Two plots of land totaling 35.71 acres, adjacent to Dell, were approved for rezoning to a planned unit development, or PUD, from commercial C-1 by the council in a unanimous vote. The PUD zoning was recommended by the Round Rock Planning and Zoning Commission, Planning and Development Services Director Brad Wiseman said, because the city does not have a zoning designation for data centers.
"This just makes it clear that the use would be allowed on the property, basically creating a customized zoning district to allow for the data center," Wiseman said at the council's packet meeting July 20.
The two plots are on either side of an existing Dell facility, according to planning materials from the meeting packet. These plans also show that the facility would have a height not to exceed 80 feet and perimeter or screening walls no taller than 20 feet. These masonry fences will be required to provide a finished face to public rights of way and adjacent properties without obstructing visibility at street intersections.
Wiseman said data centers, like the one Switch is planning to build, do not typically bring much increased traffic.
"It's probably the lowest traffic generator you could even have in development," Wiseman said. "Storage would probably be a lower traffic generator."
Wiseman said the company is looking to break ground sooner rather than later.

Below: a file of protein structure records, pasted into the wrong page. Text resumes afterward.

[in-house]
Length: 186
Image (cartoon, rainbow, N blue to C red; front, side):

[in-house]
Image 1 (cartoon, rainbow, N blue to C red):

"They're very anxious to get started ... within a couple of months, as fast as they can address the staff review comments on the site plan," Wiseman said. "So say late summer, early fall before football and construction. This project did not ask for any incentives, either."
Wiseman said a public hearing was held by the planning and zoning commission, but no one signed up to speak. However, there were two speakers at the City Council's public hearing during its meeting. One of them was Richard Parson, president of the Kensington Neighborhood Association, who very briefly stated that the association appreciated efforts from Switch representation to meet with them and talk about how the development might impact their community. The other speaker was from Switch.
Switch Vice President Robert Elliott spoke in praise of the city departments that have assisted with the company's efforts to build its next data center in Round Rock.
"This is the next evolution of our company, Switch," Elliott said. "We've been around since, for 22 years, since 2000, and we have grown consistently as data has grown across the country. This is our fifth campus that we're building, and we're just super excited to get started, to be a part of the technology economy here in Round Rock."